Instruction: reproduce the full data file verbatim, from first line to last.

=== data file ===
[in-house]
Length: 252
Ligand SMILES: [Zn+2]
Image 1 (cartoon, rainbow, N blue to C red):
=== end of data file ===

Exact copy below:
[in-house]
Length: 252
Ligand SMILES: [Zn+2]
Image 1 (cartoon, rainbow, N blue to C red):